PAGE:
Copyright and the GIPA Act: Frequently Asked Questions for councils

Copyright and the GIPA Act: Frequently asked questions for councils (PDF, 172kb)

The Government Information (Public Access) Regulation 2009 (GIPA Regulation) requires local councils to provide members of the public with access to information about development applications. Some of this information may be protected by copyright.

This knowledge update provides answers to some questions asked by local councils about practical issues arising from the Information and Privacy Commission’s knowledge update entitled “Copyright and compliance with the GIPA Act”.

1. Can copyright apply to material other than architectural plans and drawings associated with a DA?

Yes. Specialist reports, surveys, landscape design plans and drawings are all likely to be protected by copyright.

2. What is not protected by copyright?

Copyright does not protect ideas, styles, people, animals or information about things, even if the things being described are protected by copyright. For example, it is not a breach of copyright for councils to publish descriptions of proposed developments using information taken from architectural plans, e.g. second story addition comprising two bedrooms with balcony off main bedroom, bathroom, walk in wardrobe, etc. Nor would it be a breach of copyright to refer to colours, building materials, plants, etc.

The copyright owner’s rights relate only to specified activities, such as reproduction, publication, adaptation or performance. Copyright does not prevent people from simply looking at the work.

3. Can documents be protected by copyright even if there is no copyright notice on them?

Yes. Material such as literary, artistic or musical “works” is protected by copyright automatically once they are in “material form” (e.g. written down, printed, or saved as an electronic file). The presence of a copyright notice on architectural plans or other documents does not confer copyright protection. Rather, it highlights the fact that the material is protected by copyright and acts as a reminder. It may also have some benefits in legal proceedings for infringement.

4. Does copyright ever expire?

Section 33 of the Copyright Act 1968 (Cth) states that generally, for published works, copyright expires 70 years after the end of the calendar year in which the creator dies. Where copyright material has not been published, in general terms its copyright protection lasts indefinitely. This may often be the case with DA material such as architectural plans that are unlikely to have been published.

There are certain specific exceptions to this general provision, particularly with regard to photographs. Therefore, it is advisable to seek specialist advice if councils are uncertain. Where copyright is owned by a company, and the work is published, the duration is generally still related to the lifespan of the creator, plus 70 years.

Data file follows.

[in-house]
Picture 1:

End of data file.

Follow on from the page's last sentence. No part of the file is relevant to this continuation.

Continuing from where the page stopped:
5. What is the effect of copyright expiring?

Once expired, copyright cannot be revived. Therefore, councils are free to copy or publish material in which copyright has expired.

6. Whose responsibility is it to ask the copyright owner for permission?

Generally, asking for permission is the responsibility of the person who will make the copy (or other copyright use) of the material. If councils are making the copies, they are the ones who need to obtain permission. Members of the public would need permission to make the copies, unless they could rely on a fair dealing exception (see question 7 below).

Councils should keep in mind that DA information remains open access information, and they have an obligation to provide access to the information. As noted above, copyright does not prevent people from looking at the material, but affects the manner and form in which access is provided.

7. If people insist on having copies, what should councils tell them?

If a council has obtained permission from the copyright owner, or has a policy of requiring DA applicants to provide multiple copies, it may be able to provide copies to members of the public.

In other cases, councils may provide the public with access to the material but may not make copies for them. Members of the public may be entitled to make copies (by hand, photograph or photocopy) as a fair dealing for research or study, or a fair dealing for criticism or review, under sections 40 or 41 of the Copyright Act.

Councils may make photocopiers available in the area where people access DAs. If they do so, they should ensure that information on copyright obligations is also available (including the notice mentioned in question 8 below) and that council staff do not in any way authorise members of the public to make copies, or give them any advice on copyright issues.